Medical Malpractice and Personal Injury Law Blog

Doctor Told Patient Cancer Was Constipation

Posted by Briggs Bedigian | Oct 21, 2016 | 0 Comments

It is painful for parents to see their child suffering from some illness or ailment. Young children may have a hard time expressing the symptoms they are suffering, which can make it difficult for parents to know exactly what is wrong. This is why they go to the doctor. However, when a doctor misdiagnoses a child, the results can be catastrophic.

Daniel Carter is a 5-year-old boy who may never be able to walk again. He was diagnosed with a rare form of cancer that required removing a portion of his spinal cord. However, when he was first taken to the doctor, his physician wrongly diagnosed his cancer as constipation.

Daniel had been complaining to his parents about stomach pains for months. After the usual remedies did nothing to alleviate the pain, his parents took him to the doctor. The doctor sent him home with a simple diagnosis of constipation. However, the doctor's solution did nothing to help the boy, and he continued to suffer. Then one day, a few weeks later, his parents found him lying on the floor unconscious.

The boy was rushed to the hospital and diagnosed with neuroblastoma, a rare cancer that affects the development of the nervous system. It starts in early forms of nerve cells found in the embryo or fetus. It is most often found in infants and young children. The cancer can spread to other tissue, including bone marrow, lymph nodes, liver and skin.

Daniel was immediately operated on and doctors removed a cancerous lump from his chest. However, the cancer had spread to his spinal cord, and doctors were forced to removed the damaged portion of his spine.

Doctors told his mother the boy would never walk again. “It's awful but at the end of the day I said at least he is going to have the rest of his life,” said his mother. “What he's been through is so much, especially for a five-year-old, but he has been absolutely amazing.”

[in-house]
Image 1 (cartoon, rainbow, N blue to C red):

Unfortunately, this type of tragic misdiagnosis is not all that uncommon. Last year, the mother of 7-year-old Connor Sunderland was told her child was suffering from constipation. He was given laxatives but continued to complain about his swollen and painful stomach. When his symptoms got worse, his parents took him to the emergency department where tests revealed the child had a rare form of lymphoma and needed emergency chemotherapy.

In 2013, another mother was told her 5-year-old son's cancer was constipation. Doctors prescribed young Charlie Woolley laxatives. Months later, doctors finally found a large tumor in his stomach that was so big, it obscured his other organs on the scan. The delayed diagnosis reduced his chances of survival to 40%.

If a loved one has died as a result of misdiagnosis or delayed diagnosis of cancer, the Gilman & Bedigian team is fully equipped to handle the complex process of filing a medical malpractice claim. Our staff, including a physician and attorneys with decades of litigation experience, will focus on getting you compensation, so you can focus on healing and moving forward. Please do not hesitate to contact us today for a free consultation.

About the Author

Briggs Bedigian

H. Briggs Bedigian (“Briggs”) is a founding partner of Gilman & Bedigian, LLC.  Prior to forming Gilman & Bedigian, LLC, Briggs was a partner at Wais, Vogelstein and Bedigian, LLC, where he was the head of the firm's litigation practice.  Briggs' legal practice is focused on representing clients involved in medical malpractice and catastrophic personal injury cases. 

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